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ON BRIDGE

In China vs. United States at the 1997 World Teams, both East-West pairs found the defense to defeat a game that looked impregnable.

Zia Mahmood, sitting West for the U.S., started with the eight of clubs. A club was by no means an obvious lead: since North had suggested a powerful hand and a long heart suit, I'd have been tempted to try the most aggressive lead possible -- a diamond.

Declarer played low from dummy, and East, Michael Rosenberg, took the queen and ace. Zia followed with the three, and Rosenberg led a third club, expecting him to ruff.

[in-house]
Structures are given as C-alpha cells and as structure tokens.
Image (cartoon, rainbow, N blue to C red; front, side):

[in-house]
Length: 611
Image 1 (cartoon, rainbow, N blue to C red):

Instead Zia followed with the 10, and the king won; but when dummy led a trump next, Rosenberg dashed up with the ace and led a fourth club. Whether South ruffed low or high, Zia would score the queen of trumps for the setting trick.

Zia-Rosenberg must have thought they had gained points; but when the deal was played at the other table, China's East-West beat four spades in almost exactly the same way.

You hold: Q J 9 7 6 K 9 8 6 4 10 8 3. Your partner opens two hearts (strong), you respond two no trump and he bids three clubs. The opponents pass. What do you say?

A: Bid four hearts. You'd have bid two no trump with no points, but you actually have six points and three cards in each of partner's suits. If you bid three hearts now, partner may place you with a truly terrible hand and may even pass if he shaded his opening two-bid.

North dealer

North-South vulnerable
NORTH
10 6 5 3
A K Q J 2
Q
K 5 4
WEST
Q J
9 7 6
K 9 8 6 4
10 8 3
EAST
A 2
10 5 3
10 7 5
A Q 9 7 2
SOUTH
K 9 8 7 4
8 4
A J 3 2
J 6
North East South West
1 Pass 1 Pass
3 Pass 4 All Pass
Opening lead -- 8

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